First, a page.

Ontario’s election: sizing up the policies
As Ontarians turn their eyes toward better weather and the pending provincial election in June, political parties will attempt to win the hearts and minds of the electorate through their platforms. At their best, platforms provide an outline of the plans, policies and values that each party will use to govern during their time in office. Since the Federal Red Book in 1993, the Provincial Conservative Common Sense Revolution in 1995 and the Choose Change Plan from the McGuinty Liberals in 2003, we in Ontario have been well served by the fact that all parties have forced themselves to bring forward properly costed, thoughtful and coherent platforms. Regardless of one’s political bent, recent history would indicate that Ontario requires the incoming government to articulate what they would do if they were handed the keys to the car of the province.
With this in mind, we at the ICP are trying to add value to the public discussion by running a series of blogs that look at the policy areas that we believe will increase the competitiveness and prosperity of the province. This will not be an exercise wherein we evaluate, grade or rank the platform commitments. Rather, the ICP will clearly articulate the policies we think are required in key areas to increase economic growth and competitiveness in Ontario. No matter who wins the provincial election in June, we believe these policy areas are key to the future of the province, and we hope our policy suggestions are considered going forward.
Over the next two weeks we will use social media to get feedback from our audience on which of these policy areas are of greatest interest to them. We will then focus on three of those areas with a deeper dive into policy suggestions, following up on the other areas in due course over the year ahead. Our goal is to inform and elevate the nature of the public debate and the public’s engagement with the issues in the months ahead.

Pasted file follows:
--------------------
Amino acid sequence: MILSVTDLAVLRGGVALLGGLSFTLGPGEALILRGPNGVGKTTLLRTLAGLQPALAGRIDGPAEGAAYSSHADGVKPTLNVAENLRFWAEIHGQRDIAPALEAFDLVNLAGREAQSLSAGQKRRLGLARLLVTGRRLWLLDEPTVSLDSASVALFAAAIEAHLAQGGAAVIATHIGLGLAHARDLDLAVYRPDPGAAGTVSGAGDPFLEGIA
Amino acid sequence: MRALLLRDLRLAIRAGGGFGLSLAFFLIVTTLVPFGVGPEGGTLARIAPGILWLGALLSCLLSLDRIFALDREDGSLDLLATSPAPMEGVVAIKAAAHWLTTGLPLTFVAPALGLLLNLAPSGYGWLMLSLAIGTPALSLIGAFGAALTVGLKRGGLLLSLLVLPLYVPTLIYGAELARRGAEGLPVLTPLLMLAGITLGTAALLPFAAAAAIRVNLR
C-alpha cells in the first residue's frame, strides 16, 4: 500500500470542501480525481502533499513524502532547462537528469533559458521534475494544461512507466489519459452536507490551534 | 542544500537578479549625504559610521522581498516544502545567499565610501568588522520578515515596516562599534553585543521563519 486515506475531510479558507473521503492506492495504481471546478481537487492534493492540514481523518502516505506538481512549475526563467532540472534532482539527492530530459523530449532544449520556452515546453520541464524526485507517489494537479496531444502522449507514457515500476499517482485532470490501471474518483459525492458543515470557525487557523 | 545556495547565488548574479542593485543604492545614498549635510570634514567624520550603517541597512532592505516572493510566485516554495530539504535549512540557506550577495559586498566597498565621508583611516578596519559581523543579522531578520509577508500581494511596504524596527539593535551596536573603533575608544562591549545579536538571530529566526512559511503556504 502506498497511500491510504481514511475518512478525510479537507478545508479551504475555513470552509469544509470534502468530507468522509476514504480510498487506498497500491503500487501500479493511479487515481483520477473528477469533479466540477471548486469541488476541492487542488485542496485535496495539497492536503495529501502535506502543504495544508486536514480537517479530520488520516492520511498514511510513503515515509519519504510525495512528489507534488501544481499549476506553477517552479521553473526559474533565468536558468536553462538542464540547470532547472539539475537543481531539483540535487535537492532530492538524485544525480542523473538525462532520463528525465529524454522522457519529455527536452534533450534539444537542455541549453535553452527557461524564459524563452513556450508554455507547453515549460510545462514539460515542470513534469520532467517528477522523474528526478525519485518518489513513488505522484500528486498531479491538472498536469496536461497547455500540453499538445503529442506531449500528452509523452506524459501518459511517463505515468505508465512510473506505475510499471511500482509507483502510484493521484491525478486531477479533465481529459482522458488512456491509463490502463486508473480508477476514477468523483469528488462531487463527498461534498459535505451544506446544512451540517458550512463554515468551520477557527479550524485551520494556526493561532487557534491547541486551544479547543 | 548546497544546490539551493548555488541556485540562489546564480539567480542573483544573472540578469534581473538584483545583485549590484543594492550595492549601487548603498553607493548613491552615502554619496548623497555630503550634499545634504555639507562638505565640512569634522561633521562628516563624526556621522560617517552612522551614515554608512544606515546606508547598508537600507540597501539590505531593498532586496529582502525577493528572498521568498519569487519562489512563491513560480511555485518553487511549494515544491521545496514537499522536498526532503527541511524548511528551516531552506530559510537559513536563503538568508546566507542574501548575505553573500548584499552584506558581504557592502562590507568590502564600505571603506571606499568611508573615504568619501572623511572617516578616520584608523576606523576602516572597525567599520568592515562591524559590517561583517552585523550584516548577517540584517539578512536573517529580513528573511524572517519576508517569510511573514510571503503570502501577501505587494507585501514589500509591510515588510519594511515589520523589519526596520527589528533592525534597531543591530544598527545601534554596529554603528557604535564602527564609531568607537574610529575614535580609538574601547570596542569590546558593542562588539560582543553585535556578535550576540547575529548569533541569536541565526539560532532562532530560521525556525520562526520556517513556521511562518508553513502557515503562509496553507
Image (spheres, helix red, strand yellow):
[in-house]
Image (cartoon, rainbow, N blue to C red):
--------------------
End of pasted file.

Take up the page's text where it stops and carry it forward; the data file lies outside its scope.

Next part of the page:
Key Policy Areas:
- Get moving – Increasingly, how we move goods and people across this province is becoming an issue. Longer commuting times decrease the province’s productivity and increase the cost of doing business. The “war” between cars, bikes and pedestrians is becoming more heated and more tragic. The governance and funding of our transit systems in major metropolitan areas is out of date and is no longer working. What can be done to move this issue forward in a way that provides maximum benefit to the economy?
- Childcare – No single file would do more to increase the short and long term productivity of Ontario than increasing the availability and affordability of child care in Ontario. It would maximize the potential of parents who want to return to, or increase their participation in, the workforce. It would increase the contribution of those currently working in the child care sector. And it would increase the educational outcomes and economic potential of the youngest Ontarians.
- “I was told there would be no math” – We at the ICP have been saying this for years – while we should be incredibly proud of our world class public education system and our performance on the EQAO test, Ontario’s math scores are a problem. More must be done to address issues with the curriculum, the expertise of teachers and the outcomes for students.